Friday, November 18, 2005

Reading from the Divine Conspiracy

The denomination that our family finds ourselves presently in is in turmoil. Just yesterday, one of the lower courts met to elect commissioners for the highest church court to be held in June, 2006. The election of these commissioners was quite important because of a potential, and most probable, overture will be voted upon. Passage of this will change the denomination. Yet, at this meeting yesterday, the court would not entertain nominations other than those already made by a certain group. It was contrived. It was frustrating. It was aggravating. Yet, I do remember that God is sovereign.

This grave upset in the denomination did not just happen as so many pew-sitters seem to think. This is only another deviation that is resulting from the denomination's failure to embrace and defend the Scripture as the Word of God for faith and life.

This morning I found myself reading a portion of The Divine Conspiracy that helps all this make sense.

Wrong action, [Jesus] well knew, is not the problem in human existence, though it is constantly taken to be so. It is only a symptom, which from time to time produces vast evils in its own right.


We have heard him. ...we have chosen to not do what he said. He warned that this would make us “like a silly man who built his house on a sand foundation. The rain poured down, and the rivers and winds beat upon that house, and it collapsed into a total disaster.” We today stand in the midst of precisely the disaster he foretold, “flying upside down” but satisfied to be stoutly preaching against “works” righteousness.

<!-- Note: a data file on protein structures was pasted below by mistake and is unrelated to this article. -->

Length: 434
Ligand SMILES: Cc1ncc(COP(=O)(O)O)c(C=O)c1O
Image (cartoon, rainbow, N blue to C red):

We want to subtract moral law from faith in Christ. How to combine faith with obedience is surely the essential task of the church as it enters the twenty-first century.

The inner dimensions of their (the scribes and Pharisees) personality, their heart and character, are left to remain contrary to what God has required. That heart will, of course, ultimately triumph over their conscious intentions and arrangements, and they will in fact do what they know to be wrong. Their words, especially, will reveal the contents of their heart. And their need to appear righteous “before men” then forces them into hypocrisy. Hypocrisy becomes the spirit, or “yeast,” that pervades and colors their entire existence.


It is the inner life of the soul that we must aim to transform, and then behavior will naturally and easily follow. But not the reverse.

Although our family currently maintains membership in this denomination, our hearts lie in the conservative reformed denomination which has the same historic roots and heritage. Our time within the current denomination, thus our membership in the particular local church, is coming to an end. Where the road will lead, we do not know. Change seems to be the long-range forecast.

1 comment:

Carol in Oregon said...

Transitions are difficult.

Sigh. I pray the Lord leads you in paths of righteousness for His name's sake.